Former President Maumoon Abdul Gayoom has this week said there could be no doubt that the murder of Progressive Party of Maldives (PPM) MP Dr Afrasheem Ali was a politically motivated attack, while calling for justice to be expedited against his alleged attackers.
No individual has yet been convicted of the killing of Afrasheem, who was found dead on the staircase of his home in Male’ on October 1, 2012.
Humam had initially denied charges against him in court.
He later confessed to the crime at a hearing held in May, according to a statement read out by prosecutors in the court. State prosecutors read out the statement, which was said to have been given by Humam at one of the initial hearings. The suspect retracted his confession a month later, claiming that he had been coerced by police at the time.
Humam’s father has also written to the Criminal Court and the Human Rights Commission of the Maldives accusing police of conducting psychological abuse against the suspect, and exerting coercion to make him confess to a crime he did not commit.
One year later
Speaking Wednesday (October 2) at a rally to mark a year since Dr Afrasheem’s death, Gayoom was quoted in local newspaper Haveeru as saying that society remained in a state of fear as a result of the MP’s “politically motivated” killing.
“This was a clear message to our nation. It means that anyone who dares to speak up will suffer the same fate,” said the country’s one-time autocratic ruler, who was in power for 30 years until the Maldives’ first multi-party democratic elections in 2008.
Police have meanwhile confirmed this week that cases had been filed with the Prosecutor General’s Office (PGO) against Azleef Rauf, Shaahin Mohamed, Adam Salaah and Abdulla ‘Jaa’ Javid – son-in-law of opposition Maldivian Democratic Party (MDP) Chair ‘Reeko’ Moosa Manik in connection to the murder.
Despite not a single trial related to the murder having yet been concluded, PPM MP Ahmed Nihan confirmed that former President Gayoom had claimed there was a political motive to Afrasheem’s attack.
However, Nihan said Gayoom had not identified any one party or culprit in particular for the crime.
“[Gayoom] said the murder of Afrasheem was connected to politics and that such attacks should be eliminated and solved or they will begin to be copied by the public,” he said.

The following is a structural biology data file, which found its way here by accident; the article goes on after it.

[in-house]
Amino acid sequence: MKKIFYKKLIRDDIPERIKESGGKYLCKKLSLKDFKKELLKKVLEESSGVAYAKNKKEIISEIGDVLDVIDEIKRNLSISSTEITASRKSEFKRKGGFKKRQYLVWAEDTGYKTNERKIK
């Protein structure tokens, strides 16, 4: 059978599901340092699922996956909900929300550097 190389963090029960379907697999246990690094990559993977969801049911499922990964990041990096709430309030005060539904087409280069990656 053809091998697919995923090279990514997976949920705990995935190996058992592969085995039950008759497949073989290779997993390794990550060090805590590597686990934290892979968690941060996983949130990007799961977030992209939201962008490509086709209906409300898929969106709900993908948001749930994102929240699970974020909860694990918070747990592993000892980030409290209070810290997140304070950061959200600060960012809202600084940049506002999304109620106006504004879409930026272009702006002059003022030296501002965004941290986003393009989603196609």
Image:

Nihan said that like Gayoom, he believed that since police had begun their investigations into the attack, they had uncovered enough evidence to suggest the murder had been carried out for political reasons.
He claimed that the PPM had purposefully avoided “finger pointing” of any particular party, but criticised politicians within the opposition MDP for making statements in an attempt to undermine the credibility of the police investigation into the case.
Nihan said that the country’s MPs had a responsibility to minimise doubt among the public concerning the conduct of the Maldives Police Service (MPS) in investigating the murder, adding it was important society have faith in law enforcement officials to solve the case.
The Maldives Police Services (MPS) announced in October 2012 that the FBI were extending assistance in the investigation of the MPs murder.
By December, Commissioner of Police Abdulla Riyaz stated during a press conference that the murder of Afrasheem had been carried out with a political motive, and that the culprits were to be paid MVR 4 million (US$ 260,000).
Riyaz had at the time dismissed claims that the murder was linked to religious fundamentalists, stating “no evidence has been gathered which suggests this murder had a religious motive.”
Soon after the murder police arrested two MDP activists – Mariyam Naifa and Ali Hashim ‘Smith’ – in connection with the attack. Both suspects were later released without charge.
The MDP later accused the government of attempting to frame the party with “politically-motivated arrests” of its members. In November 2012, former President Mohamed Nasheed accused the government of negligence in its efforts to bring the perpetrators to justice.